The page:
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Cannes 2011: 'The Beaver' director Jodie Foster: Our movie struck out in the U.S. because Americans don't like dramedies

May 17, 2011 |  8:19 am

Foste
"The Beaver" at least partly flopped in the U.S. because it starred Mel Gibson. But director Jodie Foster has a different explanation for the film's tanking: American sensibilities.

"It's designed to do something different," Foster told reporters, referring to her film, at the Cannes Film Festival on Tuesday, pointing out that the movie is a high-concept comedy that also has many dramatic elements. "And very often Americans are not comfortable with [that]." She went on to say that she feels American usually want films to fit in one box or another.

The movie, which stars Gibson as a depressed man who puts on a beaver puppet in the name of self-therapy, has failed to crack even $1 million in domestic box office since coming out in limited release on May 6.

Foster said she was hoping for a better response in Europe, where the film will open in many territories after playing the Cannes Film Festival Tuesday night. "I always assumed that because it has a European style it will be well-received in Europe," she said. (It's also worth noting that the Gibson controversies, which involve his alleged rants at ex-girlfriend Oksana Grigorieva and anti-Semitic comments to a police officer in 2006, have created less of a media stir on that continent than in North America.)

At Cannes, Gibson will turn out for the red carpet gala, Foster said. "He won't talk, but he'll be here,"  she said, marking one of the first large-scale public appearances since the Grigorieva scandal erupted last summer.

As she did in U.S. interviews, Foster continued to defend he choice of Gibson as the film's star, despite his baggage and potential drag on the box office. "He handles the charm and the humor of the characters while still keeping his feet in drama," she said. "And the first order of business is to say who's the right actor for the role. At this point I can't think of anyone else but Mel."

-- Steven Zeitchik

Twitter.com/ZeitchikLAT

Photo: Jodie Foster prepares to address reporters in Cannes, France. Credit: Ian Langsdon / EPA


 
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No Dramedy love? What about Mash or Network or the Breakfast Club? Or The Player ---or Adaptaion? Clerks or the film Swingers? The Man Who Wasn't There and many or even most other Coen brothers' films. Being John Malkovich or The Darjeeling Limited? Sideways? So Americans don't like dramedies or something different?! It would be refreshing to hear Foster--at least in hindsight--to admit that just maybe Gibson wasn't such a great casting move. (Roll eyes here...) Blaming Americans for your failure as a director is just sad and shows Foster's limitations, not the American audience. Blameshifting is just so pathetic.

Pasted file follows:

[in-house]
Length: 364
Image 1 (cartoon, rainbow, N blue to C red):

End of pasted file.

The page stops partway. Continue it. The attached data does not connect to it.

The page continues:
The trailer of this film did not do it any justice.

There have been thousands of films made that flop at the US box office. It has nothing to do with Mel Gibson or his private life. It's not his fans, the public or Hollywood that need to forgive him, its the biased mainstream media.

His personal and private life having nothing to do with anyone.

He's a great actor and film maker.

Saw the movie and liked it. Mel was excellent.

It struck out because Mel Gibson is toxic. His presence in the movie was sufficient reason for great numbers of people to give it the go-by.

To Cookie: Listing Breakfast Club and Swingers as dramedies shows how little you know about movies. Ditto listing The Player, or "Adaptaion" [sic], and The Darjeeling Limited as successful.

And for every Fargo, there's a Raising Arizona, so saying "most other Coen brothers' films" are dramedies also proves how little you know about film.

If you saw The Beaver -- clearly you haven't -- you'd have seen Mel turned in one of the best performances in his acclaimed career.

The title of the movie sounds like its a porno. A different title couldn't have hurt it.

Usually, I'm able to forget what I know about an actor when I watch them perform, but when I see Gibson trying to act, all I can remember is a loop of his voice telling Grigorieva she's going to be gang raped. There are just some things you can't unhear.

A little too much of Foster's pseudo elitism didn't help. You know, the high toned university education, restrictive personal interviews, snobbish public attitude, and her upper-class patrician face didn't help at all.

Lame, Jodie. She's three films into her directorial career and has yet to really distinguish herself. And "Home for the Holidays" was an utter disaster.

Please take note that the movie was not on wide release like "Thor" and people who want to see no matter what Hollywood said, just cannot see it. Obviously, Hollywood bigwigs who claimed to be offended by some of Gibson's actions and comments are still out for revenge against him. I can't help but think about movie stars who misbehaved in the past and have not been judged the way that Gibson is being judged right now. He made some mistakes, he already apologized for it, his former wife even to his defense and I just wish stars whom Gibson helped in the past like Britney Spears will come to his defense too that he is not a monster like Hollywood has pictured him recently. I will still be seeing Gibson's movies no matter what Hollywood says, just like what I did with "Passion of the Christ," "Brave Heart," and "Lethal Weapon" series. "He who committed no sin cast the first stone."


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